1994, Seoul, Korea. Staring wide-eyed at the colorful screen that lit up both my living room and my face, I learned my first English words as I sang my A-B-C's with Mickey Mouse and his friend on my precious collection of Disney sing-along VHS tapes.

For almost a century, Disney and Mickey Mouse have been a constant presence in our childhood. In 2008, Disney claimed 98% of children between 3 - 11 worldwide recognized Mickey. No other fictional character or celebrity can beat this mighty mouse in the age of fame or profit. Mickey Mouse’s animated films and merchandise holds a steady and profitable reputation for the last few decades, and will in all probability for years to come.

Well then, have you ever wondered how does the little guy do it?

How has the Walt Disney Co. been able to market this anthropomorphized talking-rodent into a billion dollar profit? How do these mouse-related merchandises make up for 40% of the company's consumer products revenue even after he has been out of work for more than 30 years? Are there ways that we, as artists and designers, can follow Walt Disney’s footsteps to achieve nationwide success in promoting our own products and concepts through a figure like Mickey?

The secret lies in the magic of animation and anthropomorphism. Anthropomorphism, the seemingly inexhaustible propensity to ascribe human characteristics to inanimate objects, animals, plants, or to God, is something we as humans do everyday. Walt Disney says so himself.

 “When people laugh at Mickey Mouse, it’s because he’s so human; and that is the secret of his popularity” – Walt Disney

We, as humans, are emotionally drawn to human-like characteristics and we find ourselves applying them to every non-human around us. A number of theories on why we anthropomorphize are primarily based off the studies of human-to-nonhuman relationships. A profound amount of studies implies that humans seek social and emotional connection from non-human agents, thus anthropomorphizing them. Disney adds to the power of anthropomorphism the use of animation, creating a universally desirable—and real—character that talks and laughs with the viewers.

Flowers and Trees - Disney Silly Symphony - Classic Cartoon

Post-modern technology allowed reproduction of imagined scenarios through animation, a technology Disney took full advantage of when creating Mickey Mouse and his friends. The illusion of life through moving images created “hyperreal animals and plants…(who) act independent of such distinctions between human and nonhuman." According to DoRozario, author of The Consequences of Disney Anthropomorphism: Animated, Hyper-Environmental Stakes in Disney Entertainment, Mickey Mouse and other Disney’s characters are becoming more real than their counterparts, creating an illusion that make us believe that he is a real-life character, and a friend.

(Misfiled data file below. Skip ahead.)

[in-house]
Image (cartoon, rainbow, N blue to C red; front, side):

As human as he is, Mickey Mouse is also able to activate emotional responses from humans, maybe even more than humans themselves. With big, round ears, pear-shaped body, a big button nose, a cheerful face, and his instantly recognizable high-pitched voice (voiced by Walt Disney himself), Mickey Mouse and his aesthetically cute traits provoke specific emotions. According to The Cuteness of the Avant-Garde written by Sianne Ngai, “formal properties associated with cuteness—smallness, compactness, softness, simplicity, and pliancy—call forth specific affects: helplessness, pitifulness, and even despondency."

Furthermore, Lorraine Daston, author of the book that investigates patterns of anthropomorphism and culture, Thinking with Animals: New Perspectives on Anthropomorphism, suggests that “images of animals do not facilitate age, race, class, and culture and eliminates interference with identification and the desire to acquire,” thus, another reason behind Mickey’s global popularity. And because of this, anthropomorphized animals are in popular demand in advertising and are used in commercials for numerous companies. These characters such as, the gecko for GEICO Auto Insurance, the Kia hamsters representing the Kia Soul’s “hamster car”, and the Coca Col’s polar bear, are constantly manipulated to “bring their brands to life.” If so, is Mickey Mouse doing the same? Absolutely!

Walt Disney World - "Talking" Magician 
Mickey Mouse at Magic Kingdom meets guests

Disney Corporation is one of the largest, most profitable companies in the world. They use their cute, harmless, anthropomorphized characters to hide a corporate juggernaut. Characters like Mickey appeal to young and old, rich and poor, educated and uneducated. They are the great equalizers. As Michael Eisner, the former CEO of Disney once explained, Disney entertainment responds to “the child within us." Mickey Mouse most of all embodies this concept and that is why even now, I am as fascinated with Mickey as I was when a child.

- by Shelly Hong -


Post a Comment

Thank you for commenting on O ZINE! It may appear soon.